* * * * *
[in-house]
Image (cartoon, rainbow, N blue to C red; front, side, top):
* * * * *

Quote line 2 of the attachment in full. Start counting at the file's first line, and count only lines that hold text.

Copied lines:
Image (cartoon, rainbow, N blue to C red; front, side, top):